“Clearly, increased fares and congestion pricing are insufficient to deal with the long-term financial needs of the subway system,” the new report states.

Elevated J Train
J Train

A report out today (Dec. 5) from New York University’s Rudin Center for Transportation Policy & Management recommends all future tax revenues from recreational cannabis sales in New  York be dedicated to mass transit.

            “Clearly, increased fares and congestion pricing are insufficient to deal with the long-term financial needs of the subway system,” according to the report by Mitchell Moss, the director of the Rudin Center and Henry Hart Rice Professor of Urban Policy & Planning at NYU Wagner.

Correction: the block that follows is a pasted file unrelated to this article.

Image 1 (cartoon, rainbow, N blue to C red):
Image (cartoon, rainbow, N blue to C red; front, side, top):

“This report argues that the subways need a dedicated revenue source with the potential for growth in future decades—one that does not divert funds from other public services, and that has yet to be tapped by the state and local government. The legalization of recreational cannabis offers New York State a unique opportunity to generate a new revenue stream dedicated to mass transit,” the report adds.

            To speak with Moss, contact the NYU press officer listed with this release.